Trailer, Gameplay, & Screenshots
About this game
Developer: Tokyo RPG Factory
Content Rating: Everyone10+
The adventure of LOST SPHEAR begins in a remote town of Elgarthe where a young boy, Kanata, awakens from a devastating dream to find his hometown disappearing. Facing an ominous power that threatens the fabric of reality he must awaken the power of Memory to restore the ‘LOST’. To stop the world from disappearing forever, Kanata and his comrades set out to rebuild the world mustering different Memory and crafting the world around them.
Gamer Reviews66 Reviews
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Critic Reviews18 Reviews
If you had asked me just two weeks ago to name the biggest storytelling sin a game could commit, I would have told you it was making players ask questions without giving them a reason to care about the answers. Ask me today and I’ll tell you something different. Lost Sphear buried me under convoluted logic and explanations, lore and jargon, only to cast it aside with a shrug whenever the details were inconvenient to the action. It answered my questions, but in ways so fundamentally disconnected and absurd that I regretted even caring in the first place.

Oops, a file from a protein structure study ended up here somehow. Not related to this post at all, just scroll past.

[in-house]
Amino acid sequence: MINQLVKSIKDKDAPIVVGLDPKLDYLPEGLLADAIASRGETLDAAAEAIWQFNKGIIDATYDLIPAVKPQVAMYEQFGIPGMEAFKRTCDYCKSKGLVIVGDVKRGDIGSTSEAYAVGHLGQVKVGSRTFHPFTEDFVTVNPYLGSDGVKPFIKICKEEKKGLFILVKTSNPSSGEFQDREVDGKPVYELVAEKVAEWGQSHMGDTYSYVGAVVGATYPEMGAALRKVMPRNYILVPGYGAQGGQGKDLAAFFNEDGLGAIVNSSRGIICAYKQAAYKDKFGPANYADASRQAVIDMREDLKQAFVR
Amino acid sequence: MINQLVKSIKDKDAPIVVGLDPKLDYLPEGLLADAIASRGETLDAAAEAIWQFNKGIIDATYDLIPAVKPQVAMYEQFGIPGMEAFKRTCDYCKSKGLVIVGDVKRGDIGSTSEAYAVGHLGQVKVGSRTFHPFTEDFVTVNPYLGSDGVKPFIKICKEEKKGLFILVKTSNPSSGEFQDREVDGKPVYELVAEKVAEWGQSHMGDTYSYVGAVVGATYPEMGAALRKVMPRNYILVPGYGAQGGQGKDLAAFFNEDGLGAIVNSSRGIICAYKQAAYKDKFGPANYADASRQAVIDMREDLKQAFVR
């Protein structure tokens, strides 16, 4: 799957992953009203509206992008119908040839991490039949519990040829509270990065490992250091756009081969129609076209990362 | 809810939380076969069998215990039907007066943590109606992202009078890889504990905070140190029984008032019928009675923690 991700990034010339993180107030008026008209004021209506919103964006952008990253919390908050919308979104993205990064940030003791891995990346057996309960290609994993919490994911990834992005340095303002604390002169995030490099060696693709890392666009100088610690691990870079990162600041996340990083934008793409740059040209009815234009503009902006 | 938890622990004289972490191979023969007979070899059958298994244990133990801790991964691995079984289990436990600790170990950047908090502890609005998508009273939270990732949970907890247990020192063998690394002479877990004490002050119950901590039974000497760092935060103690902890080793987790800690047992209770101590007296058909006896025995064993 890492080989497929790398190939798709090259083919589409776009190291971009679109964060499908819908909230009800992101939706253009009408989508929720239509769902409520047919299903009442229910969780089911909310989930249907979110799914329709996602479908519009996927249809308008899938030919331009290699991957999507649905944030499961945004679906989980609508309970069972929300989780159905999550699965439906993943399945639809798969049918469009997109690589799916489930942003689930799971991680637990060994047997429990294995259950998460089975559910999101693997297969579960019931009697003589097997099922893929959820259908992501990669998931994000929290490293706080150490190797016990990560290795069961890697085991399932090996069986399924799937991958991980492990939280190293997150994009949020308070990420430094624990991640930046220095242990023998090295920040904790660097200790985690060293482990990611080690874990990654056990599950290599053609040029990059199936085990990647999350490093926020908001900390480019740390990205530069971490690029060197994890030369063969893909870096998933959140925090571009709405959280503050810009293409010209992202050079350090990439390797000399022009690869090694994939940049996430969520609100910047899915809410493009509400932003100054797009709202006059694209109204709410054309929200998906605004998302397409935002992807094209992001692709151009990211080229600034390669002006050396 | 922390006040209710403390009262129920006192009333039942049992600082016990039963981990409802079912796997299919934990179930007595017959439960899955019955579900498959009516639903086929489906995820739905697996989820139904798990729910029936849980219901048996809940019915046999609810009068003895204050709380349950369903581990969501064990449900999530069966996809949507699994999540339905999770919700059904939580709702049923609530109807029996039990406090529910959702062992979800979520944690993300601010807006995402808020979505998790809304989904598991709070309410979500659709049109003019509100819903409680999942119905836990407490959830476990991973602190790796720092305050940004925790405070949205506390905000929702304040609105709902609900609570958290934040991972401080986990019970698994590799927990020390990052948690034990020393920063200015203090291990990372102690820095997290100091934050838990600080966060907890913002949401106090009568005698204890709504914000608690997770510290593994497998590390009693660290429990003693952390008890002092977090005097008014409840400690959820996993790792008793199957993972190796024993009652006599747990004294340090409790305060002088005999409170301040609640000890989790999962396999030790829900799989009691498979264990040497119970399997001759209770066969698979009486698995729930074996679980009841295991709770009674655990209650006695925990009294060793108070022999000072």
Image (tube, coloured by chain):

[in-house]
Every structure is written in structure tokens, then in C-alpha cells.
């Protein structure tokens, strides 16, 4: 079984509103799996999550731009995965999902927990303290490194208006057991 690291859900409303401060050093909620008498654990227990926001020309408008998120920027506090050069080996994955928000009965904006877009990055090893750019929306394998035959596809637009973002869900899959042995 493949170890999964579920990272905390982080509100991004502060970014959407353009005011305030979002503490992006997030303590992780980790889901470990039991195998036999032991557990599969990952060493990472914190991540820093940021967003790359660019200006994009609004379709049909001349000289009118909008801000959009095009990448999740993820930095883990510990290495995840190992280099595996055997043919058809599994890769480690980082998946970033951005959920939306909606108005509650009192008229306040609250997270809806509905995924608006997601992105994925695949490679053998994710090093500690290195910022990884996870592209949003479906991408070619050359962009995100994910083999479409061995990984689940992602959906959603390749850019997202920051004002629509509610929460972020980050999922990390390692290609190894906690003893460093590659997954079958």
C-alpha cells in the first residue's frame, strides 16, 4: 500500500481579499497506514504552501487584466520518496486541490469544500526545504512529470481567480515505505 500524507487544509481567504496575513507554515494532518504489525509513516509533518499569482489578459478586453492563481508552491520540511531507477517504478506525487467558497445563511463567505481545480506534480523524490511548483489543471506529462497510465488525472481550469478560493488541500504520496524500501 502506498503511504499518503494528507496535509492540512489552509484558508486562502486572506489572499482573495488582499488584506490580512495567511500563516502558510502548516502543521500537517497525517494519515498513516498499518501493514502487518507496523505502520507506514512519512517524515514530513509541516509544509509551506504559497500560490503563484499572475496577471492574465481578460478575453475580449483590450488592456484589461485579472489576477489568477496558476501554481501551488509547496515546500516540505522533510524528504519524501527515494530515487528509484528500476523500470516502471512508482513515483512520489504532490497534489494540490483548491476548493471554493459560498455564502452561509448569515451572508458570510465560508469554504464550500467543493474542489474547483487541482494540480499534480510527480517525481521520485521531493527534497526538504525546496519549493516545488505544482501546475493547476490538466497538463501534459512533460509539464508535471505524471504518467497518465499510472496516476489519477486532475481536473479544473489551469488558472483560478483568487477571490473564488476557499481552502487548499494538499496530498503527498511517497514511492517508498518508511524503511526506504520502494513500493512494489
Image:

However, that isn't to say that Lost Sphear isn't fun to play. The numerous gameplay features like vulcosuits, spritnite, and artifacts come together to create an enjoyable and complex turn-based system that promotes strategy. Here's hoping that Tokyo RPG Factory's next project takes that gameplay design and applies it to a heartfelt story that doesn't feel like it was assembled on a conveyor belt.
Lost Sphear has some good ideas and mechanics working together when it comes to battle, but everything else falls short and feels dull. The reused dungeons, backtracking, and slow-paced story don’t give me much to fight for, even if the end does come together in an interesting way. Sadly, the tedious grind through a milquetoast adventure is sour for far too long before coming together.